$600K spent for what, exactly?

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By CRAIG MURPHY
Of the Keizertimes

As it turns out, the land taken over by the Keizer Urban Renewal Agency for $602,169 isn’t worthless.

The actual value of the 1.47 acre of land, deeded over to the city last month by developer Chuck Sides in lieu of the payment he owed for his local improvement district (LID) assessment, is listed as having a value of $0 by Marion County.

“That’s a misrepresentation of the property value,” said Susan Gahlsdorf, director of Finance for Keizer. “It’s not worthless. The county gives it a $0 assessed value because it’s a tract. That’s how they value different parcels. It does have some value.”

The property in question has power lines which make the land virtually undevelopable. So what is the actual value of the land?

“We don’t know what that is and we grant the fact that it does have limited use,” Gahlsdorf said last Friday.

Gahlsdorf was asked if that means the property could be worth anywhere from $0 to $600,000 — the approximate bill Sides owed.

“Well, I suppose a person could theorize that way, yeah,” Gahlsdorf said. “I don’t know that we’ve had any kind of appraisal on that.”

Nate Brown, director of Community Development for Keizer, said the city formally foreclosed on the property and bid what the LID assessment was on the property.

“Our attorney wants us to point out that the property is only assessed at $0 valuation, but that it has not been appraised and may have some valuation,” Brown said. “The reality is that Chuck is no longer responsible to pay the $600,000 but the city had to foreclose in order to pay off the LID.”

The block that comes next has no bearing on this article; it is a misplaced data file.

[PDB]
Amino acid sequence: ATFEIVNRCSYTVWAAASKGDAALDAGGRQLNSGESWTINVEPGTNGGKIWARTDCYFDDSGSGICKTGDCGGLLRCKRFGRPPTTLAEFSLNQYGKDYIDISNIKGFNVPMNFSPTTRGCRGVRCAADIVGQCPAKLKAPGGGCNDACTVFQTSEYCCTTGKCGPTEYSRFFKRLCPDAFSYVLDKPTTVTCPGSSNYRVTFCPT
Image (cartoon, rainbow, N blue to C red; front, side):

Brown, who estimated an appraisal of the property would cost around $2,500, said the city has to hold onto the property for a year and Sides can take it back during that period — if he’s willing to pay full price for it.

“Chuck is walking away,” Brown said. “The property has the power lines so you can’t do anything with it, except maybe a park.”

Sides said Tuesday alternatives were explored.

“Bottom line, we offered to donate the land to the city,” Sides said. “They said no. There were alternatives we explored but none of them worked out. We talked to partners on the other two pieces. They have value because you can do something with them. It’s hard to do that (with tract C) unless you have an idea what you can do on it. I have no idea what you can do on it, or I would have developed it. I don’t have an answer.”

Sides said he’s taken on partners to help with Area C, but took responsibility for thinking he would be able to do more.

“The reason was I had made a wrong decision on how long the down economy would go,” he said.

Gahlsdorf said urban renewal funds were used to purchase the land and pay off debt to save money long-term.

“The crux of this deal is we need to pay down on our debt,” she said. “We can only pay down on our debt with assessments we’ve received from property owners. Now that we’re the property owner of tract C, we can pay off the debt related to that, which is $600,000. If we hadn’t done that, that payment would be due in 2031 and we would owe twice as much interest cost on that debt. We would owe $1.2 million instead of $600,000.”

Gahlsdorf said Sides has lost a large chunk of money.

“Chuck lost his entitlement to the debt reserve,” Gahlsdorf said. “The deal we had with developers was that if they paid their debt on time and in full for 21 years, they would be entitled to a prorated share of $2.7 million in debt reserve. If they were late, even though they eventually became current, they would lose that entitlement. Chuck has lost $900,000.”

That makes Sides unique among Keizer Station owners.

“The rest of them are on time, are current and have never been late,” Gahlsdorf said. “Just Chuck’s have been late.”

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